#48 Mayonnaise

I really like this homemade mayo.  It works great for anything you need mayo for and it is full of healthy nutrient rich foods unlike the store mayo that is filled with chemicals and man-made empty calories.

Make sure you follow the directions on this one or it won’t work.  I found some great directions I line so I give credit to Sarah Shilhavy on the tropical traditions website.  On my library page there is a link to these directions with a video.

The key to a successful batch of mayo is the oils. Actually, patience is the real key here. The adding-the-oils process can take up to five minutes, so be prepared. Your arm may get tired. Don’t say I didn’t warn you.

After placing the first six ingredients in the blender, blend it very briefly. All you want to do is mix the stuff together, so don’t overdo it. Next, pour the two oils together into a liquid measuring cup with a spout and with the blender running on a low speed, start adding the oils into the blender in drops. Shall I emphasize that? Seriously, it needs to be drops. Tiny drops.

After about a minute or so, gradually start working the oils up to a stream. Again, a TINY stream. Like the size of a needle. And it needs to be steady. Not a stop-and-go type of stream. Just a tiny, steady, stream. Once you’ve worked up to a stream you can increase the blender speed to about medium. You be the judge.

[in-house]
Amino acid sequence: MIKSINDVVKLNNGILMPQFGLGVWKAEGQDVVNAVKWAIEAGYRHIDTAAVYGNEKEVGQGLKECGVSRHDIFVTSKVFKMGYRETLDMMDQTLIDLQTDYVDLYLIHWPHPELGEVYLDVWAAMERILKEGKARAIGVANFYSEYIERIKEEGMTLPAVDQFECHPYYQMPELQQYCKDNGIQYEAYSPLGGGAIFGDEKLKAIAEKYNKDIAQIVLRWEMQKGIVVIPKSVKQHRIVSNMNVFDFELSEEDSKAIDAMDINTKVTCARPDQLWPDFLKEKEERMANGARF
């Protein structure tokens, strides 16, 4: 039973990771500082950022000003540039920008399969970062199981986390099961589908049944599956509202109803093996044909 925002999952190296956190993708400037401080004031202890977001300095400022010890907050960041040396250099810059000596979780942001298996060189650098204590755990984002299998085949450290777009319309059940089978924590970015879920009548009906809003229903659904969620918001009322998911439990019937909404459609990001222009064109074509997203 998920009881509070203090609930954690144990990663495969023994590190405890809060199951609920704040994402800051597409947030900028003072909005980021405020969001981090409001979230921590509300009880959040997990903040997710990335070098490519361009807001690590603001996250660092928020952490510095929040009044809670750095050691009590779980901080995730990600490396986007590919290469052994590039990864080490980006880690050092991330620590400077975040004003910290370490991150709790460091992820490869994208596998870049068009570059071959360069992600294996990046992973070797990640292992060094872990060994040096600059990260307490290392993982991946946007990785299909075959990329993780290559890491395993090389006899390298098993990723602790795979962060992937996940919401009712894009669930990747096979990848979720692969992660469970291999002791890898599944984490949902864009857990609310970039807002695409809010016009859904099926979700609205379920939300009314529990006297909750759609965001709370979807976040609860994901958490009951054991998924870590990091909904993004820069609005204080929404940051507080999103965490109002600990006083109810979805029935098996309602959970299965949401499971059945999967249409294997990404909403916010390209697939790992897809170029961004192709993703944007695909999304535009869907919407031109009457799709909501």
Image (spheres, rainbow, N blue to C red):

When you’ve got only about 1/4 of a cup left you can increase the stream just a bit, but never, ever just dump the oil in. If you add the oils too quickly the mayo will turn into a curdled, oily mixture instead of whipping up into a thick, creamy spread. And it’ll stay that way. You won’t be able to save it.

You can use any type of mustard you like for this recipe. The classic is Dijon. I used dry mustard.  You can use prepared yellow mustard too.  Actually I’ve heard that you might have more luck with the prepared yellow mustard.

This is a big recipe.  If you want less just cut it in half.

Mayonnaise 1 My new Like

  • 2 whole eggs
  • 2 egg yolks
  • 1 squirt of prepared mustard
  • 1 Tbs fresh lemon juice
  • 1/2 teaspoon salt
  • 1 Tbs fresh liquid Whey from yogurt or kefir (this is optional but will make the mayo last for a very long time in the refrigerator.)
  • 1 cup Refined (or no flavor)  Coconut Oil (melted if solid)
  • 1 cup Olive Oil, unrefined sesame oil, unrefined Sunflower oil,  1/3 c each, I like Maison orphee brand

Mayonnaise 2

  • 2 whole eggs
  • 2 egg yolks
  • 2 tsp dry mustard
  • 5 Tbs fresh lemon juice or 1 lemon (may use less if too lemony for you try 1 Tbs)
  • 1/2 teaspoon salt
  • 2 Tbs fresh liquid Whey from yogurt or kefir (this is optional but will make the mayo last for a very long time in the refrigerator.)
  • 1 cup Coconut Oil (melted if solid)
  • 1 cup Olive Oil

Be selective with coconut or olive oil.  They both can have a strong taste that you may or may not want according to what you are using it for.  You can use any oil or oil combination, such as avocado, almond etc…

Place the eggs, mustard, lemon juice, whey, salt into a food processor or blender. Blend briefly for a few seconds.

With the processor or blender running on low speed, start adding your oils very slowly. Start out with drops and then work up to about a 1/16-inch stream. This will take a few minutes.

Continue blending until all the oil is used up and there is no free standing oil.

What do you do if it goes wrong and doesn’t emulsify and the oil stays separate and runny not whipped and fluffy?